Badgers to be given anti-TB jabs
19 March 2009 - BBC News
Badgers in the wild will be vaccinated against bovine tuberculosis for the
first time next year. The vaccine will be tested in six areas in England where cattle are badly
affected by the disease. The project, announced by Environment Secretary Hilary Benn, is aimed at
assessing the practicality of injecting the animals. Farmers and vets will be among those trained in how to trap badgers in metal
cages and then inject them. The animals will be marked to reduce the risk they are vaccinated more than
DEFRA will begin to
sign up and train participants later this year. Vaccination is expected to start
in summer 2010 and continue for at least five years. This will be the first practical use of a vaccine outside research trials. It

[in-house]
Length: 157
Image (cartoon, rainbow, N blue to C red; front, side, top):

is the latest stage in DEFRA's plan to focus on vaccination rather than culling
to tackle bovine TB in England's badger population.
Mr Benn said: "Developing an effective vaccine for bovine TB is only half the
challenge. The other is to deploy it effectively. This project will help us do
that. As such it marks real progress in our fight against this terrible
The precise areas for the trials will be announced later this year after
consultation with the farming industry and other interested groups.
The move has also been welcomed by the Badger Trust, a charity which promotes
the welfare of badgers and argues that it is cattle themselves which mainly
transmit the disease. The Trust's chairman David Williams said: "We hope that this vaccine will
give badgers further protection from bovine TB, which continues to be spread by
cattle because the TB testing regime is inadequately enforced."
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